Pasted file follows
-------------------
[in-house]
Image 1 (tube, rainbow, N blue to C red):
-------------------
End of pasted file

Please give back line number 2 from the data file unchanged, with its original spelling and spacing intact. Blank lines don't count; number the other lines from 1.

Image 1 (tube, rainbow, N blue to C red):